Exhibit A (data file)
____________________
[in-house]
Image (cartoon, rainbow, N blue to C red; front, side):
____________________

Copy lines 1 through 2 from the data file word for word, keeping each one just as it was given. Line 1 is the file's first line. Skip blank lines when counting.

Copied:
[in-house]
Image (cartoon, rainbow, N blue to C red; front, side):